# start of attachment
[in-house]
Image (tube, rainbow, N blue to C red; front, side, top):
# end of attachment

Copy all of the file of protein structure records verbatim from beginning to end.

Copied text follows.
[in-house]
Image (tube, rainbow, N blue to C red; front, side, top):